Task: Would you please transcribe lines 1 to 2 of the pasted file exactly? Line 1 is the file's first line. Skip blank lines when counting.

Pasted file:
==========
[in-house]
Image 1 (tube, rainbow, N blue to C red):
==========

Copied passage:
[in-house]
Image 1 (tube, rainbow, N blue to C red):